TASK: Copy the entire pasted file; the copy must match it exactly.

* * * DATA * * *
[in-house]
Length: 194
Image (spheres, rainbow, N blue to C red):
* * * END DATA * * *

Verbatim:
[in-house]
Length: 194
Image (spheres, rainbow, N blue to C red):